Posts Tagged ‘Burlesque’

Burlesque Law News, Part III: The “Dramatic Arts” Tax Exception & Pole Dancing

April was the biggest month so far for 95years.    We’ve also had two articles on Burlesque on the front page for the entire month.  Using superior law school LSAT logic, I can deduce that sex sells around these parts.  Therefore, I present you with the third article in our continuing coverage of burlesque law. I’m also going to attempt to make tax law interesting, so please bear with me.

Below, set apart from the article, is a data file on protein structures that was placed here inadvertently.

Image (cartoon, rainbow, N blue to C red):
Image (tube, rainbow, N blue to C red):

In New York, the Tax Law §1105(f)(1) includes a sales tax exception for admission fees paid to venues holding dramatic or musical arts performances.  Tax Law §1101(d)(5) further clarifies the definition of such a venue as “a theatre, opera house, concert hall or other hall or place of assembly for a live dramatic, choreographic or musical performance.”   Without going off on a tangent about the legal history of exotic dancing, it is generally accepted that burlesque falls under the purview of a Dramatic and Musical Art performance.  However, a crucial distinction must be made between a theater and a cabaret.  A cabaret is taxable under Tax Law § 1105(f)(3) and is defined in § 1101(d)(12) as a place “which furnishes a public performance for profit, but not including a place where merely live dramatic or musical arts performances are offered in conjunction with the serving or selling of food, refreshment or merchandise, so long as such serving or selling of food, refreshment or merchandise is merely incidental to such performances.”  Therefore, if a burlesque show just happens to be occurring at a venue where concessions drive the profit model (i.e. most nightclubs), they’re still on the hook for taxes.